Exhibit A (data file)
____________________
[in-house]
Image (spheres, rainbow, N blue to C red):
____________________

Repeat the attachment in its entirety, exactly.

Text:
[in-house]
Image (spheres, rainbow, N blue to C red):